Hosted by: Green Infrastructure Leadership Exchange, The Summit Foundation, and The Democracy Collaborative
Creating climate resilient cities means more than investing in infrastructure—it means tackling economic and racial inequality that leaves disinvested communities on the frontlines of climate damage. Watch as a panel of practitioners explores how building green stormwater infrastructure (harnessing nature's innate ability to manage runoff) can be a key intervention point for also building community wealth, creating a vibrant economic system where democratic ownership and control creates more equitable outcomes.
Amongst developed nations, the U.S. is a leader in unequal income distribution. But according to a recent Century Foundation report on the role of worker-ownership models, this is a trend that can be changed. The author examines how a cohesive national regulatory framework, national tax incentives, a U.S. employee ownership bank, and increased support for employee-ownership technical assistance centers can bolster U.S. worker-buyout policy. In aligning regulatory, technical, and financial support for worker-cooperatives, the United States can bring scale to this key economic equalizer.
Exciting news from Jacksonville, Florida, New York City, Austin, Texas and Richmond, Virginia
The past few weeks have seen a flurry of impressive activity at the level of city government, all around policies designed to build community wealth and encourage the growth of cooperative local economies. It's encouraging to see that the work of grassroots developers, local foundations, community activists, and field builders (like ourselves here at the Democracy Collaborative) is beginning to gain a foothold in the world of municipal policy. Read more about City governments building community wealth and cooperative local economies ...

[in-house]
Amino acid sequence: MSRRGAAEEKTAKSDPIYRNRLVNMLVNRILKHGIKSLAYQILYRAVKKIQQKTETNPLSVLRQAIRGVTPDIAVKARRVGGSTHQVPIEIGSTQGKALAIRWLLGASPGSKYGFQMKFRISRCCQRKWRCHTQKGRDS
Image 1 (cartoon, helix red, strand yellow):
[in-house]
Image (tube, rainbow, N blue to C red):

Jackson Rising conference brings together social justice and cooperative activists
While the words “co-op” and “civil rights” do not commonly appear in the same sentence, with more than 300 cooperative and social justice activists gathered in Jackson, Mississippi, last weekend, the question was hard to avoid.
Berkeley and the greater Bay Area demonstrate growing support for worker cooperatives.
A report by the Democracy Collaborative, a national organization promoting worker cooperatives, cites studies finding that worker-owned businesses had higher productivity and efficiency and lower worker turnover than conventional businesses, and were only one-third as likely to fail.
As more cooperatives crop up post-Great Recession, people are beginning to understand their viability and promise. Instead of allowing small local businesses to close their doors upon retirement of owners, organizations such as Evergreen Cooperatives are working to help these businesses convert to cooperatives.
As small-business owners retire, their employees may lose their jobs. New legislation, though, encourages that retiring small-business owners sell to their employees in the form of ESOPs or cooperatives. As Marjorie Kelly, Executive Vice-President and Senior Fellow at the Democracy Collaborative points out, many business owners would prefer to ensure that their employees remain secure.
The Fund for Employee Ownership, funded by the Democracy Collaborative, is jumpstarting employee ownership for employees of the Evergreen Cooperative.
Typically it can take many months, even a year or more, to train employees before they’re prepared to purchase a business from its existing owner. The Fund offers to buy-out owners when they’re ready to sell or retire, and then get to the hard work of converting to employee ownership.
“We’re excited about the opportunity to accelerate that process of developing more employee-owners,” Rose says.
The Evergreen Cooperative in Cleveland, OH is featured as an example of the benefits of employee ownership. The Democracy Collaborative's Jessica Bonanno Rose, also a strategy advisor for Evergreen Cooperative, discusses what the goals of the Cooperative are.
Marjorie Kelly is interviewed about the Fifty by Fifty Network, with the goal of reaching 50 million employee-owners by 2050. The aim of this Network is to expand democracy into the workplace in a way that will transform the economy.